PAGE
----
For decades politicians have been silent on the well-known fact that raw sewerage has been routinely flowing into the River Erne. Former NI Water workers report sewerage having had to be suctioned out when the volumes got too great. Anglers report an underlayer of congealed waste in stagnant pools located around the town.
Like many other towns in the North, Enniskillen retains a Victorian-era style sewer system designed to deal with excessive volumes of brown water by allowing it to overflow into the river. The problem is that the system hasn’t received proper investment for decades so now every time we get a heavy rain (regularly!) sewer water floods out of the top of the combined sewer outlets. What is worse, it has been confirmed in writing to Cllr O’Cofaigh that grills meant to filter solid matter from overflowing have been removed to reduce costs of staff having to clear them out regularly (all to meet Stormont austerity budgets).
Continue reading “Exposing the pollution of our waterways”
Enniskillen plays a vital role in the economy of our county but over years it has been neglected by politicians of all stripes. The shutdown during the Covid pandemic brought things to a head and left in its wake empty buildings across the town. We face the prospect of a multi-million pound public thoroughfare upgrade being delivered at the very time when the future of our town as a commercial centre hangs in the balance.
Supports for workers who lost their jobs from both Westminster and Stormont government were inadequate leaving many prey to unscrupulous bosses who have sought to capitalise on the opportunities posed. Zero hours workers in our town were made redundant overnight – those with less than a year on the job found themselves jobless with no redundancy payments. Many have turned to the trade unions as the best guarantee of protecting themselves from fire and rehire, to win basic health and safety protections and even special Covid payments. This is to be welcomed but the reality is that Stormont continues to preside over an unfair playing field in which workers find the laws stacked against them.
In order to reverse the trend, Stormont must deliver public investment for Enniskillen from Stormont for quality job creation. Cross-community Labour councillor Donal O’Cofaigh has demanded the council take the lead in securing a planned approach to town regeneration, reversing the combined effects of market failure and the pandemic. Efforts by him alongside independent councillors to pass a ‘no cuts, zero rates increase’ budget failed last year but earlier proposals to reduce opening hours at leisure facilities were averted.Continue reading “Enniskillen needs a Post Office!”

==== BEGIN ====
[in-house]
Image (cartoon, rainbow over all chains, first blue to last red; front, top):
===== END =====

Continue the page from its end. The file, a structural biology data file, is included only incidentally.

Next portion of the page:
Cross-Community Labour Councillor for Enniskillen Donal O’Cofaigh has written to the Chief Officer of the Northern Ireland Fire and Rescue Service to obtain a date when a full-time fire station will return to the county.
“I have written to NI Fire and Rescue Chief Officer Michael Graham to ask him when the full time complement will return to Enniskillen Fire Station.
“At the commencement of the COVID-19 lockdown, the full-time team based in Enniskillen was moved to Omagh. From firefighters themselves I understood this to be a short-term measure related to contingency planning around the pandemic. We recognised that there was relatively less risk on being dependent on part-time firefighters when most on-call firefighters were already at home but nonetheless it has been an issue that I’ve been closely monitoring.Continue reading “Full-time fire service cover must return to Enniskillen”
Tuesday [May 12th] two days after Prime Minister Boris Johnson released his government’s plan on how to end the lockdown, the Northern Ireland executive produced their own roadmap on reopening the economy.
The document gave no indicative dates for the transition between each step of re-emergence, as had that of both governments in London and Dublin, but in most other regards the roadmap was closely aligned to that of the Tories and therefore of the economic interests of those who seek a speedy return to normal business in the midst of a global pandemic.
Increased divisions and tensions
Contrary to attempts by the parties to make a virtue of necessity by claiming their collective inability to even agree an alternative, indicative timeline was ‘science-led’, the failure to do so reflects the deep divisions existing between the executive parties and the contested nature of the state in Northern Ireland.
Since the inception of this crisis, the DUP has sought to align Northern Ireland with ‘herd immunity’ approach taken by the UK government – where workers and the vulnerable pay with their lives to minimise the economic damage to the capitalist class.Continue reading “The Northern Ireland Executive’s road map to exit lockdown”